Nanotechnology Research in Massachusetts
Showing results 1 - 15 of 69 for research and community organizations in Massachusetts:
A research group at Northeastern University concerned with the development of nano-motors and bio-nano machines for space applications.
The department has a strong record of research, with faculty involved in both experimental and theoretical areas. Some areas of current interest are: novel electronic materials; carbon nanotubes and nanotube arrays; theory of marginal Fermi liquids; optical and transport properties of low- dimensional condensed matter systems; novel superconductors.
The Center serves as a hub for nanoscience researchers from the Charles River and Medical Campuses and build activities that develop interdisciplinary research and training.
The central theme of the group's research is the exploration of quantum mechanical effects in engineered nanoscale structures and devices with a goal to study fundamental physical phenomena.
Research focuses on mechanical and electronic systems at the nanometer length scale. The group has state-of-the-art facilities where nanodevices can be fabricated and characterized.
The Nanoscale Energy-Fluids Transport (NEFT) laboratory experimentally studies energy and fluids transport at the nanoscale. Current investigations include: Exploring anomalous transport phenomenon in 1-D or 2-D confined nanochannels; Enhancing ion/molecule transport in batteries and fuel cells using nanostructured materials; Improving phase-change heat transfer based on patterned micro/nanostructures; Developing new nanofluidic devices for biomolecule sensing and separation.
Research in Optical Characterization and Nanophotonics (OCN) laboratory focuses on developing and applying advanced optical characterization techniques to the study of solid-state and biological phenomena at the nanoscale.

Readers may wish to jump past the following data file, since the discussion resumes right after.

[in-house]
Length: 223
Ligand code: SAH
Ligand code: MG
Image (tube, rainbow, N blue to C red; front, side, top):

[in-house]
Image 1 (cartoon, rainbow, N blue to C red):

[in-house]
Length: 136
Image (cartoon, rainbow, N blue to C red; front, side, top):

Shiladitya Sengupta's laboratory is focused on developing engineering solutions for complex disease. The team's research lies at the interfaces of fundamental biology, medical applications and nanoscale engineering, where basic understanding of biology inspires the development of novel technology or medical applications.
Highly interdisciplinary and translational, the group's research is focused on multifunctional, nanoparticle-based drug delivery systems. They seek to improve nanoparticle synthesis and formulation and its therapeutic efficacy. Additionally, they develop robust engineering processes to accelerate translation of nanoparticle-based drugs into the drug development pipeline. At the same time, they emphasize a fundamental understanding of the interface between nanomaterials and biological systems.
The Ingber laboratory is interested in the general mechanism of cell and developmental regulation. The lab also has shown that extracellular matrix and cell shape distortion play central roles in control of angiogenesis that is required for tumor growth and expansion, and has developed numerous novel microtechnologies, nanotechnologies, magnetic control systems and computational models in the course of pursuing these studies.
Developing nanopores as probes.
The Center for Nanotechnology and Nanotoxicology at the Harvard School of Public Health draws on decades of experience with environmental pollutants and the health effects of particles to address the unique environmental health and safety (EHS) concerns raised by engineered nanomaterials (ENM) and nanotechnology applications.
The Lieber Research Group at Harvard focuses on the bottom-up paradigm for nanoscience and nanotechnology.
The Mazur group at Harvard University studies the dynamics of molecules, chemical reactions, and condensed matter on very short timescales - down to femtoseconds.
The goal of the center, a collaboration of several universities, is to develop tools for understanding nanoscale systems that link Physics, Chemistry and Biology.